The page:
The second explanation is that I operate with this sense that things need to get done by exactly a given time: We need to be ready to get out the door at exactly 9am; we need to pick Caroline up at exactly 5pm; the boys need to be in bed absolutely no later than 7:30pm. And when you feel like you need to keep a schedule to the minute it’s a given that you’re going to feel stressed along the way.
There’s a lot more I want to write about how Americans use their time. In subsequent posts I’ll share more data about how men and women’s time-usage has changed in recent decades and I’ll write more about how our perceptions of time scarcity influence the overall levels of satisfaction we have about our lives.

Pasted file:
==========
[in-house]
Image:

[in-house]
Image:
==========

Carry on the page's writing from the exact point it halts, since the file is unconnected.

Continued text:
For now, I’ll end by saying that over the last month or so I’ve been trying hard to stop feeling that our days need to be accomplished according to such a precise schedule. This afternoon, for example, I’ll pack the boys into the car and we’ll head up Packard Avenue to get Caroline. I’m going to try remember that it doesn’t matter whether we leave the house at 4:50pm or 4:58pm. The only difference those eight minutes make is in my sanity.
*I should note that there seems to be widespread agreement among researchers that leisure time has gone up over time. See, for example, “Measuring Trends in Leisure: The Allocation of Time Over Five Decades” by Mark Aguiar and Erik Hurst.